“How far apart should I plant trees?” Budding gardeners, tree lovers, and those new to landscaping often ask this question. There is no set answer because each tree is unique.
However, general guidelines exist for planting, and following those guidelines ensures healthy growing trees. For optimal results, know why you are planting the trees. A single tree planted for appearance requires different spacing than an orchard.
The size of the tree, whether you want shade or fruit, and the layout of your property dictate the distance between trees. Always speak to a professional Richardson tree service company if you have specific questions. In the meantime, we’ll go over the general guidelines.
Basic Space Requirements
The basic space requirements of a tree depend on its size. Trees require the following spacing for optimal health and shade:
- Small trees must be at least 10 feet apart.
- Space medium trees around 20 feet.
- Large trees need at least 30 to 50 feet.
- Plant giant trees or aggressive species at least 100 feet apart.
Tree size affects the basic requirements you need, but consider the variables when planting. Fruit trees, for example, require different spacing depending on the type.
Some fruit tree spacing is as follows:
- Plant citrus trees at least eight feet apart.
- Apple trees require 30 to 35 feet for optimal fruiting.
- For plum trees, consider 15 to 20 feet
- Sweet cherries require 35 to 40 feet.
Fruit trees prefer closeness to ensure thorough pollination. Trees use pollination to provide maximum amounts of fruit and growth. Too close, however, and the trees compete for resources.
How Far Apart Should I Plant Trees to Inhibit Competition?
Many people assume you must space trees far apart to inhibit competition. This assumption is not necessarily the case.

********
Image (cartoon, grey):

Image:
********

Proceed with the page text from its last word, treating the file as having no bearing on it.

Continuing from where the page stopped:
Keep trees far from utility lines and buildings to discourage destructive growing patterns. Otherwise, you can incorporate relatively close spacing.
As a rule of thumb, tree roots spread to three times their mature height. Trees gather necessary resources from an extensive range with this far-reaching root system. Water your trees thoroughly or set up an irrigation system so your trees won’t compete for nutrients.
Trees will compete for light. You can weaponize this fact by planting trees close together to force specific growing traits. Consider this step when your goal is to create shade.
The close trees grow tall, quickly creating a shady environment because there is nowhere else for them to grow. This technique is not harmful, though there are some downsides.
If a tree dies, it opens the wall to wind damage, and the trees must grow to close it. Planting more trees is also more expensive than planting fewer trees. However, the benefits outweigh the drawbacks if you’re looking for shade.
Trees communicate with their network through their roots. They help each other fight disease and pests and benefit each other overall. As long as each tree has enough space for its largest roots, planting them closer together strengthens them.
Standalone trees do not have this beneficial network. They also require more pruning, which opens wounds that can affect tree health. They take longer to produce shade and may not receive healthy pollination.
For More Information on Spacing Between Trees, Contact Urban Arborist
Tree spacing takes thought and consideration but is a simple task. For more information, read up on subsidence caused by trees.
Do you need a more in-depth answer to the question, “How far apart should I plant trees?” Contact Urban Arborist for personalized help.
To receive a free estimate in Richardson, TX, call us today at (214) 674-6709.